There are many clubs, organizations and communities at Keene State College for students to join that reflect different aspects of their identity. Several of these organizations exist to serve KSC students’ different religious affiliations. These organizations include CRU, Hillel, Interfaith Community Club and the Catholic Student Organization.
Director of The Newman Center and Campus Minister Cindy Cheshire is available upon invitation to serve KSC students, though she is not directly affiliated with the college. Although Cheshire herself is Catholic, she said that she functions on-campus as a generalist, meaning that she will support any student’s spirituality.
“Everyone has spirituality, whether or not they have religion. It’s just a part of human development. When I’m on campus… I’m just trying to make sure that people are attending to that spiritual part of themselves,” Cheshire said
KSC senior Courtney Janvrin has been involved in the Catholic Student Organization the entire time she has been attending the college. She said she started going to the organization’s meetings as a first year, became the treasurer as sophomore, and then vice president as a junior. Janvrin is currently President of the Catholic Student Organization.
Janvrin said it is really easy to get involved. The organization’s meetings are non-mandatory and everybody’s welcome. “You don’t have to be Catholic at all. Any religion or non-religion is absolutely welcome,” said Janvrin.
KSC students meet in the L.P. Young Student Center at 6:45 on Sunday nights and walk over to The Newman Center together, where their meetings are held. Each week, the Catholic Student Organization has a discussion that focuses on a specific topic, a prayer activity, games and time for fellowship.
The Newman Center, which is operated out of St. Bernard Church on Main Street, is open to any community members and has a projector, board games, chess, a pool table, books, a kitchen and plenty of space with couches and bean bags to hang out in. “It’s just a really great space for celebrating community,” Janvrin said.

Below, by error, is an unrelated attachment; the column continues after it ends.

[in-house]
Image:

However, community is not the only goal of campus ministry. Every year, the Catholic Student Organization and Interfaith Community Club work together to host the event Ask a Blank. The organizations brings in representatives from different religious affiliations in hope that students will ask questions and start conversations. This includes Catholic priests, Jewish rabbis and many others. The tag-line for the event is “Conversation, not conversion.”
The purpose of campus ministry is for students to be able to develop their spiritual identities without feeling alone.
Cheshire said, “College is…a point when you’re moving from the faith of your parents into your own faith. That’s an important step, but it’s also a very tumultuous step. There’s lots of really hard questions, lots of experimenting, lots of stepping out of your comfort zone. The Newman Center is a place where students can go through that together.”
Of course, to get involved with campus ministry, you do need to know about it, which Janvrin said she does not think many students do.
“I don’t think [campus ministry] is super well-known, because a lot of people don’t talk about faith at… the college age,” said Janvrin. She added that she thinks people who are really looking for a faith based community will be able to find one, because there are many options on-campus.
KSC first year Nathan Houle said he does not know much about campus ministry, but thinks it is a good thing to have here at KSC. “It’s good that [students can] have a place to go for what they believe in, where they can be surrounded by peers who also share those same beliefs,” Houle said.
Kalila Brooks can be contacted at email@example.com